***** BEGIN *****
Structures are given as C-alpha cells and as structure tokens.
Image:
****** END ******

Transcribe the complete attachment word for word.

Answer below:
Structures are given as C-alpha cells and as structure tokens.
Image: